The Fall And Rise Of ‘Details’ – Fairchild Publications Inc. relaunches men’s magazine – Brief Article

David Walker

A Fairchild design team rebuilds the mercurial magazine and helps put men’s titles back on the high road

When Conde Nast announced last spring that it was temporarily shutting down Details and transferring the magazine to its Fairchild Publications division, the design team of Dennis Freedman and Edward Leida knew one thing for certain: They were quite clear on how their Details should not look.

They did not want the pretense of most celebrity and fashion titles or the guilty–and lusty–pleasure of the lads magazines in general, and Maxim in particular.

“The magazine was clearly going to be a more intellectual read, less sensationalism, less bare breasts,” says Edward Leida, the company’s svp/group design director, “and I wanted the design to reflect that.”

When Details relaunched last October, Freedman, Fairchild’s vice chairman/creative director, and Leida, along with art director Rockwell Harwood and director of photography Alice Rose George, had succeeded: They had crafted a visual package that was sophisticated and original, intelligent and elegant.

“We never looked at it as putting on Band-Aids,” Freedman says. “We were creating a new product.”

Leida, for his part, sought a balance between cool and warm, contemporary and traditional. He combined high-tech and traditional typefaces, and gave photographs breathing room. He also paid subtle homage to Web navigation in the way he delineated sections of the magazine.

Art director Harwood is the only member of the creative team who worked on the previous incarnation of Details–though that gig lasted barely a week. He was hired by former Details editor Mark Golin. Harwood had just started on his first issue when Conde Nast shut down the magazine.

But it wasn’t long before Leida called to show him a new prototype for Fairchild’s Details. “When I heard they were going to turn it into a fashion magazine, I thought it would be something I couldn’t connect to: strange boys in skinny outfits in tortured corners, sweating in Gucci or something,” says Harwood, displaying both his publishing aversions and a gift for delivering a bizarrely poetic quote.

Instead, he was impressed: “They took away the mystery of men’s fashion.”

Meanwhile, Freedman and Patrick McCarthy, Fairchild’s chairman and editorial director, had summoned Alice Rose George, an editor, curator, art critic and self-proclaimed photography snob, to help put the magazine’s photography on the high road. George respected the work of Freedman, who had made W a showcase for unusual fashion photography, and hired fashion photographer Juergen Teller to do portraits for the new Details, including a compellingly creepy series on O.J. Simpson at home.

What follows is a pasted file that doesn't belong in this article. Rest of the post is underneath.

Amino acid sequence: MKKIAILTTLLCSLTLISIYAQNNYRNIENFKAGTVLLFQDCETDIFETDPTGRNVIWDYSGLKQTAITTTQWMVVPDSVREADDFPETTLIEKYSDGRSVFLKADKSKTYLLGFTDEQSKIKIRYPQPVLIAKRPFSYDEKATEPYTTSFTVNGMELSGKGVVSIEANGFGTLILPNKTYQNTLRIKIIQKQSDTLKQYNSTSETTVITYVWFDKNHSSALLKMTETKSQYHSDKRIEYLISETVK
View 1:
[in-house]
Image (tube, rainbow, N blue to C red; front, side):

“I work with very good photographers–I’m very snobby about this,” she says. “They’re not necessarily famous, but once I see what they can do, I put a lot of trust in them. If you don’t let photographers’ personality show strongly, you don’t have a distinctive magazine.”

Teller’s low-key, slice-of-life portraits of Brad Pitt in the January/February issue stand out as an example of how Details uses photography. “You don’t feel that there’s this major production going on and these celebrity subjects are doing something that’s false to them,” Harwood says. “Less produced is always more attractive to me. It’s such a relief to work here because every photograph doesn’t have to be an ‘idea’ or a ‘concept.'”

How well Details will fare in its new manifestation is unclear. But as a smartly designed and evocatively photographed magazine for grownups, it’s managed to cut through a lot of adolescent hyperactivity that currently dominates newsstands.

The Creative Team was selected with the help of Adweek Magazines sister publication, Photo District News. David Walker is a senior editor at PDN. Reuel Golden is the editor of PDN’s Pix.

COPYRIGHT 2001 BPI Communications, Inc.

COPYRIGHT 2001 Gale Group

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